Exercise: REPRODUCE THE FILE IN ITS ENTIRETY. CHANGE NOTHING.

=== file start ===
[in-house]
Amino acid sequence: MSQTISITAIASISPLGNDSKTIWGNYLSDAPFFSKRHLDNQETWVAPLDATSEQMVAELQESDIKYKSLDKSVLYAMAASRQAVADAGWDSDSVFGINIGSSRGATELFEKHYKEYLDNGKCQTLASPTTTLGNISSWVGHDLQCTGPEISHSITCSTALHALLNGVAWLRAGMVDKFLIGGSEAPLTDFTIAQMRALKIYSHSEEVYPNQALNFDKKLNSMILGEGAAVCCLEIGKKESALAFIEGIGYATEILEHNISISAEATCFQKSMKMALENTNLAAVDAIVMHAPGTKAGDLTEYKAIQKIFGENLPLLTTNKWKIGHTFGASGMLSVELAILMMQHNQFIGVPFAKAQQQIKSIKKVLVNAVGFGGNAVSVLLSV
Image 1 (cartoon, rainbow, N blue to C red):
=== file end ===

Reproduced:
[in-house]
Amino acid sequence: MSQTISITAIASISPLGNDSKTIWGNYLSDAPFFSKRHLDNQETWVAPLDATSEQMVAELQESDIKYKSLDKSVLYAMAASRQAVADAGWDSDSVFGINIGSSRGATELFEKHYKEYLDNGKCQTLASPTTTLGNISSWVGHDLQCTGPEISHSITCSTALHALLNGVAWLRAGMVDKFLIGGSEAPLTDFTIAQMRALKIYSHSEEVYPNQALNFDKKLNSMILGEGAAVCCLEIGKKESALAFIEGIGYATEILEHNISISAEATCFQKSMKMALENTNLAAVDAIVMHAPGTKAGDLTEYKAIQKIFGENLPLLTTNKWKIGHTFGASGMLSVELAILMMQHNQFIGVPFAKAQQQIKSIKKVLVNAVGFGGNAVSVLLSV
Image 1 (cartoon, rainbow, N blue to C red):